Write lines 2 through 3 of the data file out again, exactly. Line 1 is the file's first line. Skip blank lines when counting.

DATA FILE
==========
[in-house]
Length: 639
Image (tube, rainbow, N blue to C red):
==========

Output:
Length: 639
Image (tube, rainbow, N blue to C red):